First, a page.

The current burst of inflation in the US is not necessarily a bad thing. Prices are rising as the economy picks up, thanks to vaccination, macroeconomic support, and the contribution of effective remote working. Bottlenecks in supply chains are only to be expected. Wait times are rising, as are wages. A certain degree of inflation can stimulate demand and, so far, is consistent with a managed recovery. It is really only at higher inflation levels that equities risk losing ground. At high rates, inflation tends to hit income and cost lines differently. Cost inflation can race ahead of price increases, so what is known as the ‘inflation flow-through’ may not occur. In the 1970s and ‘80s real rates were high, making it impossible to build capital reserves. Low interest rates, if maintained, should help. The first priority has to be getting the economy back on its feet again, and a 4% to 5% level of inflation the next few years—if it comes to pass—would be a small price to pay, a welcome change from the deflation of the last ten years, and in a fairly safe zone for equities.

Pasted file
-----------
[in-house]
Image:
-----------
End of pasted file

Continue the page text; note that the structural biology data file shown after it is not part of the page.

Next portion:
Bank of England Official Bank Rate: 5th August, 23rd September
PMI Figures: 23rd July, 4th August, 3rd September
YoY GDP: 30th July, 17th August, 7th September
PMI Eurozone: 23rd July, 4th August, 3rd September
Unemployment Report: 27th July, 24th August, 21st September
ECB Monetary Policy Meeting: 27th July, 24th August, 21st September
FOMC Rate Decision: 28th July, 22nd September
GDP Figures: 29th July, 26th August, 30th September
PMI Figures: 23rd July, 4th August, 23rd August, 3rd September & 23rd September